Does Sweden need e-krona?

Interesting speech from Stefan Ingves, head of Sweden central bank- Riksbank. (Riksbank is the oldest central bank that shall celebrate its 350 years next year)

He says how we are revisiting history:

Central banks were established once upon a time to provide the general public with money in the form of banknotes and coins that did not entail any credit risk and that inspired confidence – what was known as central bank money. Gradually, the central banks were also given the responsibility for creating a uniform standard for banknotes. In Sweden, this took place in 1904, when the Riksbank was given a monopoly on issuing banknotes and commercial banks stopped issuing them.

It is scarcely surprising that a central bank in the Riksbank’s situation needs to at least investigate whether the arguments that have historically been so important – that the central bank shall provide the general public with assets and means of payment free of credit risk – no longer have such great significance. The questions that led to the Riksbank’s monopoly on issuing banknotes in 1904 are coming up again.

E-krona is a possibility. Who knows where paper money started in Europe could be the first country where it breathes its last breath:

Almost three months ago, the Riksbank published a first interim report which contains much of what I have talked about today. There is also a general description of how an e-krona might look. It should be available to all, banks, public authorities, companies and households. It should be possible to use it in real time, 24 hours a day and 365 days a year. It should be possible to use off-line, which means it could be used even where there is no access to a mobile network, for instance. 

Perhaps it could contain some element of anonymity, and perhaps it could be designed so that even groups who currently find digitalisation difficult to handle can easily use the e-krona. These are our initial thoughts and the reason why we published the report before we have thought it all through is that we want to have a dialogue with the market and other interested parties, as it is such a complex issue. The dialogues have now been initiated.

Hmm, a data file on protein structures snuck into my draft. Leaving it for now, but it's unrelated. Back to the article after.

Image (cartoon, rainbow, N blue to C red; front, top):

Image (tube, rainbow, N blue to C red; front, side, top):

We have already identified a number of questions that require further analysis. These are questions regarding technology, legal issues and the effects of the ekrona on the economy and financial agents.2 The Executive Board of the Riksbank will soon take a stance on how to continue the work on these questions next year.

We will continue to be as open as possible and I would like to emphasise that what we are doing is examining the possibility of introducing an e-krona. No decisions have yet been taken.

I would like to conclude my speech by reminding you that it was in Stockholm that  the first modern banknote was created more than 350 years ago, and that it is here, in Sweden, that cash is currently taking its last breaths. Perhaps the Riksbank will be writing history again.


What a turn in history of money…


6 Responses to “Does Sweden need e-krona?”

  1. Should Australia issue an e- Australian Dollar? | Me Stock Broker Says:

    […] Just a few days ago, Riksbank chief Ingves spoke about whether and how Sweden should issue an e-krona. […]

  2. Should Australia issue an e- Australian Dollar? – Courtier en Bourse Says:

    […] Il y a quelques jours à peine, le chef de la Riksbank Ingves a parlé de la question de savoir si et comment la Suède devrait émettre une e-couronne . […]

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    […] Sweden, Australia, we now have some bit from New Zealand as well. Though, unlike the Sweden and Australia […]

  4. Discussions on issuing e-New Zealand Dollar… – Courtier en Bourse Says:

    […] Suède Australie nous avons maintenant quelques bits de Nouvelle-Zélande . Bien que, contrairement aux […]

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